Academy of Gundishapur

From Academic Kids

The Academy of Gundishapur (also Jondishapoor, Jondishapur, and Jondishapour, Gondeshapur etc.) founded in 271 AD by the Sassanid dynasty, is the oldest known teaching hospital. It was an institution for philosophical and medical studies of the ancient world. It is located in the present-day province of Khuzestan, southwest of Iran, not far from the Karun river. Prophet Mani's imprisonment and death is known to have taken place in Gundishapur.


The rise of Jundishapour

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Head of king Shapur II (Sasanian dynasty A.D. 4th century) who made Jundishapur capital of his empire. The New York Metropolitan Museum of Art permanent collection.
Gondishapur was one of seven major cities in Khuzestan province of the Persian empire. The name Gondishapur comes from the Persian language word Gund-dez-i Shapur (the Military fortress of Shapur). It has been argued that Gondishapur might have had a Parthian antecedent. But many scholars believe Shapur I son of King Ardeshir (Artaxexes) to have founded the city after defeating The Roman army led by Valerian. Shapur II made Gundishapur his capital.

It was under the rule of Khosrow Anushiravan that Gundishapur rose to its fame. It is written that the King had a keen interest in the sciences and thus gathered a large group of scholars to his city. It was by his decree that the famous physician Borzouyeh was sent off to India to gather the best minds and sources of knowledge of the day. Borzouyeh is famous for having translated the ancient text of Panchatantra from Sanskrit into Persian, naming it "Kelileh and Demneh". Thus the Gundishapur University became an important center of science, philosophy, and medicine of the ancient world.

Some sources even write of special exams performed to permit newly graduated doctors to practice. In specific, the book "Tarikh al-hikama" gives a description of such an event; perhaps the first event of its kind in its day. It was here that every known book on medicine was gathered, translated, and compiled, making Gundishapur a key center of transmission of ancient medical knowledge to the new world. (source: "Crest of the Peacock" by George Ghevarghese Joseph. Princeton U Press)

Gundishapur and its predecessor, the Academy of Vansibin (established also in Khuzestan), are particularly thought to have had a significant role in establishing the institution of the teaching hospital (bimarestan) for the first time. According to the Christian writer Georgy Zeidan, by the orders of Khosrow Anushiravan an institution was established to methodically care for the sick and ill while simultaneously training the students of medicine of the school by hiring physicians and scholars from Greece and India.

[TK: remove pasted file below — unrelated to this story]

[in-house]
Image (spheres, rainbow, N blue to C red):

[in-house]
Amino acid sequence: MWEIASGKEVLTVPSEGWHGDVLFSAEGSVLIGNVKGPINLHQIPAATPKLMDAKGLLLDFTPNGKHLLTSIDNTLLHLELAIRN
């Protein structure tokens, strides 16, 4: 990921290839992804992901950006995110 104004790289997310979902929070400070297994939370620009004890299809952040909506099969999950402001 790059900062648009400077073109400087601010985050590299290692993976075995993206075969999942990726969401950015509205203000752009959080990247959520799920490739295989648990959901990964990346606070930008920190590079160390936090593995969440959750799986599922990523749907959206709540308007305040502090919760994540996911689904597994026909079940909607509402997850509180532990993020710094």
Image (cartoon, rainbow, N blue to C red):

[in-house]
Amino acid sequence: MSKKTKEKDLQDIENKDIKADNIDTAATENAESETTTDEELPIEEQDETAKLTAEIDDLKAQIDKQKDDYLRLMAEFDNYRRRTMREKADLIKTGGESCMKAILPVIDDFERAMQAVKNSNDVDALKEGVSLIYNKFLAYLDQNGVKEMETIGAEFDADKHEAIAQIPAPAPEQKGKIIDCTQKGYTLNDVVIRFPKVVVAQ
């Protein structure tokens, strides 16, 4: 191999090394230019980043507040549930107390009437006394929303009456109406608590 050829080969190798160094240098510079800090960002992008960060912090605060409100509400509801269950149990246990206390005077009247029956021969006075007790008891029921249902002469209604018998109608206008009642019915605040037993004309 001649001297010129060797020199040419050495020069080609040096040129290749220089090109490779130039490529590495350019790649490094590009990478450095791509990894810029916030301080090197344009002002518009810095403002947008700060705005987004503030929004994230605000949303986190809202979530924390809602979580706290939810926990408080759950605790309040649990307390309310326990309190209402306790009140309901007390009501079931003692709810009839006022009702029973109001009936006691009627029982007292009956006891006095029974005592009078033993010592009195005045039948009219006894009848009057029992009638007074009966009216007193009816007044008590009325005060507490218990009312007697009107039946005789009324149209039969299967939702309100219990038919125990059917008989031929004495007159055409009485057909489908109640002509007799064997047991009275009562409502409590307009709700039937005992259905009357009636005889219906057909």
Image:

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Jondishapur University of Medical Sciences today.
During the early days of Islam, the medical school and hospital of Gundishapur was a focal point of science, particularly medicine, housing Iranian, Indian, Roman and Greek physicians active in both theoretical and clinical aspects. It is even said that prophet Mohammed's personal physician was a graduate of Gundishapur.

The surrender of the Persian empire to Muslim Arab forces in 638 brought the gradual decline of academic activities there. Yet the famous House of Wisdom under the Caliphate of Harun al-Rashid is also thought to have been the immediate successor of Gundishapur, but in fact modeled on it. The first generation of the Baghdad school were all in fact graduates and scholars of Gundishapur.

Today, in the same vicinity, medical students at The Jondishapour University of Medical Sciences (, strive to carry on the heritage of one of the world's greatest centers of scholarship of antiquity.

Latest excavations

Beginning in early 2006, a project involving experts from the Archaeological Research Center of Iran's Cultural Heritage and Tourism Organization (CHTO) and the Oriental Institute of the University of Chicago will aim to excavate the ruins buried under earth and to study the damage to the site by modern farming. [1] (

Some famous physicians from here


See also

External Link


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